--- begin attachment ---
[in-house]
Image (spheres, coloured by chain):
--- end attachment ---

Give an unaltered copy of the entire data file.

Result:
[in-house]
Image (spheres, coloured by chain):